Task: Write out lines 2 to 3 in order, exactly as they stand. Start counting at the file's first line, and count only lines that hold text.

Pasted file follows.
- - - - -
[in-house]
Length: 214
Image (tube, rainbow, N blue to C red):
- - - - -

Length: 214
Image (tube, rainbow, N blue to C red):